King Lear Act 1 Scene Essay

1300 words - 6 pages

What impact did Act 1 Scene 1 of King Lear have on you?

The first scene of the first act of King Lear had a genuinely dramatic affect upon me. This first glimpse into the world of Lear and his subordinates sets the premise for the whole play, unravelling within the first few pages, themes which I believe will become increasingly evident. The scene opens with the introduction of three characters – Kent, Gloucester and Edmund. Of these three characters the only one who seems not to have been shown in an unfavourable light yet, by this brief introduction, is Kent. This could be intentional to set It is made clear Edmund is a bastard, and therefore illegible for proper acknowledgement ...view middle of the document...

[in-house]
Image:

Also with relation to the words of Gloucester we know that the best share of the land is meant for Cordelia. With his first line he shows that not even the Earl’s knew of his “darker purpose”, which was to get each of his progeny to profess their love for him. This seems like a way to build his ego, which with his pride is in abundance. Goneril is the first to speak and when she says what Lear wants to hear she is given her third of the land. Regan then speaks and is also awarded a third similar to Goneril. At this point of the scene it can be clearly noticed how similar Goneril and Regan are, as Regan asks Lear to measure her worth as he measured Goneril’s. This closeness seems symbolic in a way to the close-knit coven in Macbeth, as these women seem to have underlying deceptive qualities. Before considering Cordelia’s answer to Lear, we must note her comments made during Goneril and Regan’s ‘speeches’. This is keen use of the aside speech by Shakespeare as the audience would be able to hear Cordelia’s confusion over what her response shall be and her truthful belief that her love is more ponderous than her tongue. Her indecision over what to say to her father shows really how much she does not want to offend him, but instead she does the opposite, as he cannot see beyond his pride, to her loyal words. When she says “Nothing”, she is indicating to him that he should no the worth of her love for him. The king, shocked with this appearance of ingratitude in his favourite child, desired her to consider her words, and to mend her speech, lest it should mar her fortunes. Cordelia then tells Lear that she loves him according to her station, and as much as he loves her as his daughter. She is as she says “young…and true”. Lear is obviously hurt but it seems, due to the severity of his actions, that his pride and title have been harmed more. He disowns her and she becomes his “sometime daughter”. At this point Kent intervenes on Cordelia’s behalf knowing that Lear will regret his decision. He is warned to come not “between the Dragon and his wrath.” Again he interjects and again. At this point Lear has gone from angry to furious. He banishes Kent, one of his most stalwart supporters, from his kingdom, giving him ten days to leave or else he will be executed. Kent takes his leave but not before bidding farewell to Lear and his daughters. He says to Cordelia that what she spoke was “rightly said!” He also makes a comment to Goneril and Regan bidding them to love Lear as they have said. As...

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